Silvia Casola

Ritratto Silvia Casola

Computer Science and Innovation for Societal Challenges, XXXV series
Grant sponsor

Fondazione Bruno Kessler

Alberto Lavelli

Sabrina Cipolletta


Project: Natural Language Processing for Technology Foresight Summarization and Simplification: the case of patents
Full text of the dissertation book can be downloaded from:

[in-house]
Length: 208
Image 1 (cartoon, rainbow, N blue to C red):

Abstract: Technology foresight aims to anticipate possible developments, understand trends, and identify technologies of high impact. To this end, monitoring emerging technologies is crucial. Patents – the legal documents that protect novel inventions – can be a valuable source for technology monitoring. Millions of patent applications are filed yearly, with 3.4 million applications in 2021 only. Patent documents are primarily textual documents and disclose innovative and potentially valuable inventions. However, their processing is currently underresearched. This is due to several reasons, including the high document complexity: patents are very lengthy and are written in an extremely hard-to-read language, which is a mix of technical and legal jargon. This thesis explores how Natural Language Processing – the discipline that enables machines to process human language automatically – can aid patent processing. Specifically, we focus on two tasks: patent summarization (i.e., we try to reduce the document length while preserving its core content) and patent simplification (i.e., we try to reduce the document’s linguistic complexity while preserving its original core meaning). We found that older patent summarization approaches were not compared on shared benchmarks (making thus it hard to draw conclusions), and even the most recent abstractive dataset presents important issues that might make comparisons meaningless. We try to fill both gaps: we first document the issues related to the BigPatent dataset and then benchmark extractive, abstraction, and hybrid approaches in the patent domain. We also explore transferring summarization methods from the scientific paper domain with limited success. For the automatic text simplification task, we noticed a lack of simplified text and parallel corpora. We fill this gap by defining a method to generate a silver standard for patent simplification automatically. Lay human judges evaluated the simplified sentences in the corpus as grammatical, adequate, and simpler, and we show that they can be used to train a state-of-the-art simplification model. This thesis describes the first steps toward Natural Language Processing-aided patent summarization and simplification. We hope it will encourage more research on the topic, opening doors for a productive dialog between NLP researchers and domain experts.